India has the capacity to shift the world’s eyes from the political crisis to the real crisis like climate change, food security, public delivery systems etc. So, for this India has decided to use the stage of G20. This year Climate change will also be a key focus area during India’s presidency of the G20 as it seeks to emphasize issues of climate justice and financing. India’s LiFE (Lifestyle for Environment) program will promote sustainability and a circular economy. There is also a proposal for an International Biofuels Alliance (IBA), which parallels India’s previous role in spearheading the International Solar Alliance (ISA).

However, statements can often outweigh the substance. There are two prominent examples of this, India’s self-proclaimed status as the “world’s pharmacy” during the COVID-19 pandemic was derailed by the devastating impact of the Covid19’s Delta variant in 2021, which prompted the country to halt vaccine exports. Similarly, claims that India would “feed the world” after grain exports from Ukraine were disrupted by the Russian invasion were once again derailed when New Delhi imposed a ban on wheat exports.

India’s emergence as a global power remains in its infancy. Despite claims that China has lost its status as an engine of global growth, India is not yet in a position to replace China (as India accounts for 7 percent of global GDP compared to 18 percent for China). Supply chains remain sticky, and China will remain central to global supply chains and transnational production networks for the foreseeable future.

However, the Indian economy is projected to be among the world’s fastest-growing major economies, with the World Bank recently upgrading the country’s 2023 GDP growth forecast from 6.5 percent to 6.9 percent. It surpassed the United Kingdom this year to emerge as the world’s fifth-largest economy and is set to overtake Germany as the world’s fourth-largest economy by 2027.

While there is a newfound sense of pragmatism in India’s engagement with the United Nations, its voice remains one that speaks for the large majority of nations that remain unheard and unseen. It is this priority that India is taking to its G20 presidency as well.

At a time when multilateralism is facing a crisis of credibility, all eyes are on New Delhi’s G20 leadership to provide a road map for some of the key challenges facing the world. This is an opportune moment for India to underscore its credentials as a “leading power” that can shape global outcomes, especially when the India story is getting attractive.

Talking about China, which has an unescapable dominant position, and it overwhelms the preferences and perspectives of others. Here, India and Russia may share a common imperative to balance China and make SCO focus on a broader policy and development agenda.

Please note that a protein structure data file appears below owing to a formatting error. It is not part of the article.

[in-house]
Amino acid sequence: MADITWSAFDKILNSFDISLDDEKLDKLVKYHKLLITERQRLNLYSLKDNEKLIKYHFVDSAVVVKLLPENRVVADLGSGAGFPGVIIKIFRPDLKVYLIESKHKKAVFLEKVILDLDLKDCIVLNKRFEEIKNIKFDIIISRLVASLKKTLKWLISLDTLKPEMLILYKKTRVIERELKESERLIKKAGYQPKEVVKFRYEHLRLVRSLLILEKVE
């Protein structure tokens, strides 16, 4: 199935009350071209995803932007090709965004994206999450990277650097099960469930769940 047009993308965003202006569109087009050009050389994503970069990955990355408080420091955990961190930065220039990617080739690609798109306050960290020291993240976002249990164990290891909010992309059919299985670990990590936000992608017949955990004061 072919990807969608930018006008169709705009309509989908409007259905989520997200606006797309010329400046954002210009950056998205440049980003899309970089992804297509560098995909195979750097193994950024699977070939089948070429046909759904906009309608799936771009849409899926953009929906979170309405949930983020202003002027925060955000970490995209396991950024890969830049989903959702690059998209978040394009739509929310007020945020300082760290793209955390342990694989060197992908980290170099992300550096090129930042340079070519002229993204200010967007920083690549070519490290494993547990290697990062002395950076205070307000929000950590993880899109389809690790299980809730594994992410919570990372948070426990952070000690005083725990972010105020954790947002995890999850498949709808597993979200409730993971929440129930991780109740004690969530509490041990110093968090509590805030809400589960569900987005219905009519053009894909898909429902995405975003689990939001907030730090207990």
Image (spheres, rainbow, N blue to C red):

India is in the midst of a period of the strategic opportunity given its centrality to several key global debates. But India’s strong position on major world issues has served to vindicate India’s longstanding commitment to strategic autonomy in its foreign policy, which has been emulated by other emerging economies that have refused to take sides in the conflict.

Rather than a bipolar International system revolving around the China-U.S. relationship, the emerging global order is likely to be more polycentric or multipolar with middle powers and aspiring global powers such as India holding more agency.

The year 2023 will also present an opportune moment for India to engage its youth in exploring creative solutions towards overcoming global challenges such as climate change mitigation, just energy transition, digital transformation, the future of work, and sustainable economic recovery. As India believes in the principle of ‘Vasudhaiva Kutumbakam’ (One Earth, One Family, One Future), which is also the theme for the G20 summit 2023, underscores global interconnectedness and reflects India’s vision of a global village. India is always ready to lead the world with an optimistic approach while taking everyone together where shared values and the ability to tackle every worst situation that may arise.

Subscribe to the International Relations Updates by The Kootneeti

* indicates required

The views and opinions expressed in this article are those of the author and do not necessarily reflect the views of The Kootneeti Team

Facebook Comments

Shubham Singh

Shubham Singh is a Research Analyst at The Kootneeti. His area of research includes India’s Foreign Policy and Disarmament Studies. He can be reached on shubhamin94@gmail.com

You may also like...